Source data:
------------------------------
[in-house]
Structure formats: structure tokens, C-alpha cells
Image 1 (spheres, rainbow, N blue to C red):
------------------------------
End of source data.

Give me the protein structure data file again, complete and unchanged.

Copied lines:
[in-house]
Structure formats: structure tokens, C-alpha cells
Image 1 (spheres, rainbow, N blue to C red):